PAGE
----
Nada Mucho

Don’t Fear the Reaper: The Handsome Family Bring Life to Local Music Benefit

Posted by June 5th, 2007 No Comments »


handsomefamily_thumbQ & A with Rennie Sparks

The Handsome Family are responsible for some of the most compelling and memorable music in the last decade.

The Family, husband and wife Brett and Rennie Sparks, come across as storytellers in the tradition of Flannery O’Conner and P.T. Barnum; that is to say, quintessential Americana with a few freaks thrown in for good measure.

Handsome Family songs wouldn’t sound out of place on a Harry Smith Anthology; that’s how timeless they are.

Rennie, who writes the lyrics, is fascinated with death and dying. She’s particularly good at describing bizarre deaths, be they the tallest man in the history of Illinois’, Amelia Earhart’s or a man who falls into a bottomless hole.



handsomefamilyQ & A with Rennie Sparks

The Handsome Family are responsible for some of the most compelling and memorable music in the last decade.

The Family, husband and wife Brett and Rennie Sparks, come across as storytellers in the tradition of Flannery O’Conner and P.T. Barnum; that is to say, quintessential Americana with a few freaks thrown in for good measure.

Handsome Family songs wouldn’t sound out of place on a Harry Smith Anthology; that’s how timeless they are.

Rennie, who writes the lyrics, is fascinated with death and dying. She’s particularly good at describing bizarre deaths, be they the tallest man in the history of Illinois’, Amelia Earhart’s or a man who falls into a bottomless hole.

Brett delivers these musical novellas with a rich baritone that can sound like the Devil himself.

Fortunately for Seattle-area music fans, The Handsome Family makes a rare northwest appearance at this year’s Noise for the Needy kickoff, June 6 at the Tractor Tavern.

Nada Mucho recently spoke with Rennie Sparks about amphetamines, love and ghosts.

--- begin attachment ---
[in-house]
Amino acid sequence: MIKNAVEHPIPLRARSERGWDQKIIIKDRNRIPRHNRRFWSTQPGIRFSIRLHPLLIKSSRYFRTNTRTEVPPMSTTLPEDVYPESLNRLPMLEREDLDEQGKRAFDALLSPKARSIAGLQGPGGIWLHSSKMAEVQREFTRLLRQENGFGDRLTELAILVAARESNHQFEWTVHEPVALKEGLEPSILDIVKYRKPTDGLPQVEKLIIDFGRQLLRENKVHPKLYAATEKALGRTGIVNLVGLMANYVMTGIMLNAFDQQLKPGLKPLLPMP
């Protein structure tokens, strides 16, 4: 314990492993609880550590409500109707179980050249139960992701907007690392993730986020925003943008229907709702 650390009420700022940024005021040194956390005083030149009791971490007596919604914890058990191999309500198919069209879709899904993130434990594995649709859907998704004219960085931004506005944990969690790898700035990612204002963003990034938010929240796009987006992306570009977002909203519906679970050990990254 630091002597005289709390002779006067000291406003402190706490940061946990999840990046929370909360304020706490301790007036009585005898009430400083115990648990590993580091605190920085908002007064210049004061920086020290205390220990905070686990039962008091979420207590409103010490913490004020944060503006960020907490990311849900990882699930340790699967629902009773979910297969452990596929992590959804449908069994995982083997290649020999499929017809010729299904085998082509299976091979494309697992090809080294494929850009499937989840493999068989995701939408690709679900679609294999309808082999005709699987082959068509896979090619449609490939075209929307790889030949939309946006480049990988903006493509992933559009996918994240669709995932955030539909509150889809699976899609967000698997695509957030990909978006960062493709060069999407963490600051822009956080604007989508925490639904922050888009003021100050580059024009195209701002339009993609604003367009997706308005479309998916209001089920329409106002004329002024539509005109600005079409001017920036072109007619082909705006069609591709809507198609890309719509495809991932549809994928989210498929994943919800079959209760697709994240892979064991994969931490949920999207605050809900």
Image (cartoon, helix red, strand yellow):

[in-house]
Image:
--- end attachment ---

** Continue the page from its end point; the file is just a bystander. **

NM: I went to college with Noise for the Needy’s (NFTN) founder, Rich Green. How did you get involved in the event?
Rennie Sparks: NFTN contacted us and it seemed like a great cause. We’re excited to come back to the Tractor Tavern. It’s a special place.

NM: What’s the process for recording a Handsome Family album?
RS: I write the words, Brett writes the music. We argue a bunch, then we start recording.

NM: Is it still just the two of you?
RS: We have some guests help us here and there, but pretty much it’s just the two of us bickering.

NM: You’ve called your last album, Last Days of Wonder, an "album of love songs." Why did you decide to do an entire album of love songs?
RS: Maybe I’m just feeling happier lately. Maybe it’s the times. Everybody already knows about death. We need love songs right now.

handsomefamily2NM: Do you like having the ability to say, "Yeah, but we’re big in Europe" without any irony?
RS: I used to laugh when I heard that about other bands, but when it happens to you, it’s not as funny. In America, sometimes we play these little shows where people think they’re the only person who ever heard of us. Thank God for Europe, because otherwise we wouldn’t be able to support ourselves. I don’t know what the cause of it is. I feel very American. I’m inspired by living here.

NM: Glad to hear you won’t be expatriating anytime soon. So what is it about – is it Santa Fe?
RS: I live in Albuquerque, it’s about an hour south of Santa Fe.

NM: Ah yes, the home of the Isotopes.
RS: (laughs) That’s right. It’s sad we couldn’t think of our own name, we had to steal it from a TV show.

NM: I actually drove through there a couple years ago.
RS: A lot of people drive through but rarely do they stop.

NM: I stopped because I saw a billboard with the Isotopes hat on it and I wanted to find one, but I couldn’t find one in Albuquerque proper. Anyway, what is it about New Mexico that speaks to you?